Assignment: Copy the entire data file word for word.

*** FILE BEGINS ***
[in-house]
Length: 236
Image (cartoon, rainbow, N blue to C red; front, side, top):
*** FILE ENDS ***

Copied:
[in-house]
Length: 236
Image (cartoon, rainbow, N blue to C red; front, side, top):